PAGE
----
That’s all changed and Facebook is keen on driving that change. They’ve recently introduced Shops, a redesign of their Facebook Marketplace that is deceptively simple. Because all Shops does is create a digital storefront on Facebook.
Think about a normal customer journey:
- Follow you on social media
- See a post about your book and click
- Get directed to a retail site
Facebook shops does two important things here: first it cuts out step #3, keeping them on the social media platform; and second it keeps you in control of the sale.
If you’re using the Shopify integration, you’ll get the same benefits of selling on your own website (user data, better revenue) and you’ll keep the buyer on the platform of choice. That means there won’t be any ‘similar items’ or ‘people also bought’ distracting your readers.
It’s just you and them, on the social platform you both went to for direct connections in the first place. Your social following is the digital equivalent of a captive audience; even more reason to keep them there rather than directing them to a retail platform to buy your book!
Facebook’s Shop update also introduces improved functionality for contacting directly with consumers through Messenger and WhatsApp. That’s just one more layer of the connectivity we crave; giving you a direct means of communicating with buyers!
Social Selling Techniques
The most important part of an effective social selling campaign is consistency. Your social media content focused on selling needs to be compelling and consistent.
But after you have a stock of graphics and social posting content, the next most important part of an effective sales campaign is ease. Think about it; you don’t shop on Amazon because you have some particular love for the company. You do it because they make buying easy.
Thankfully, tools like Shopify make social selling easy too. Once you get your book set up for sales on Shopify, you can use tools like Facebook Shop (which also cover Instagram) to sell directly through social media platforms! We’ll get into the details of how to set that up in another post. For now, let’s focus on the sales tactics.
The Soft Sell
Since you’re promoting your author brand through social media, you’ll have (very broadly) two kinds of posts: direct calls to buy your book and content to drive engagement. Think about engagement content as a soft sell.
The idea is that, if they find your content interesting, users will interact with a like, share, or comment. From there, the algorithms that run their social media feed will send them more of your content. Which means they’ll eventually see the content that is a hard sell.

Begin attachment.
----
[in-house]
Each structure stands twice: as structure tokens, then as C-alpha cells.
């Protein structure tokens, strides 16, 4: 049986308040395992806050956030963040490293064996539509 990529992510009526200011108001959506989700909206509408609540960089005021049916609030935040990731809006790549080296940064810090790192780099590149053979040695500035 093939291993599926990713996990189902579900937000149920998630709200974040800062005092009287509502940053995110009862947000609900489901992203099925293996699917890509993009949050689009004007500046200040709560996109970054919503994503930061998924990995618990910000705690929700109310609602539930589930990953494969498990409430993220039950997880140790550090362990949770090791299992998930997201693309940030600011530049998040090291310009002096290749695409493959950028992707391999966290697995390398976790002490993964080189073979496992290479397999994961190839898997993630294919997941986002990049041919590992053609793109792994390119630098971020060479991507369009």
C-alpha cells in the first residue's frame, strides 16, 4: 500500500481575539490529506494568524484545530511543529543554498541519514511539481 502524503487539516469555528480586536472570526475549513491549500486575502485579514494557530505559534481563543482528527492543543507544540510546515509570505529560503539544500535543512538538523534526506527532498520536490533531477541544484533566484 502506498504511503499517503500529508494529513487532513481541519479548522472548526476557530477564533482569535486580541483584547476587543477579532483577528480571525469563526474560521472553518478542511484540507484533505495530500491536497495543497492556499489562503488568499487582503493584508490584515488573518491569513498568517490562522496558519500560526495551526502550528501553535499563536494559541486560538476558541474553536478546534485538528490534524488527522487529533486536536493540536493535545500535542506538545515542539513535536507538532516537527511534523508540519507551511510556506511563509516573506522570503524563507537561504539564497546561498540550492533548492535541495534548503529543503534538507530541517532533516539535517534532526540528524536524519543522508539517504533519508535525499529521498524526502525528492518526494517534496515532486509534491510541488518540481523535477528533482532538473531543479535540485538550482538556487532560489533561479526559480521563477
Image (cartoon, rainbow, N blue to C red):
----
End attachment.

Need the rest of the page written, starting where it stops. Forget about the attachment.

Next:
The Hard Sell
This is literally a prompt to buy your book. Or to browse your social selling storefront (thanks again, Facebook Shops). The point is that a hard sell aims to pointedly ask the user to buy your book.
Which you shouldn’t feel bad about doing. If you’re following our recommendations for promoting yourself on social media, you’re building a following of interested users. People who support you want to buy your book. So asking them to do so is just reasonable, it’s essential.
Social Selling: A New Marketing Frontier
We’ve known for some time that buyers, when given the opportunity, prefer to buy direct from the creator. No matter what the product, brand loyalty only gets stronger the closer we get to the people behind the brand.
Yes, there is some irony in using a huge brand (Facebook) to establish personal connections. But these are the tools we have available to us; so we’ve got to make use of them. Remember that sales always mean getting your product in front of customers. Social selling has the potential to not only simplify this complex task, but to also allow you to better find more than customer; to build relationships with followers.
Paul is the Senior Copywriter at Lulu, writing weekly blog posts and helping guide content for the company’s marketing. When he’s not deeply entrenched in the publishing and print-on-demand world, he likes to hike the scenic North Carolina landscape, read, sample the fanciest micro-brewed beer, and collect fountain pens. Paul is a dog person, but considers himself cat tolerant.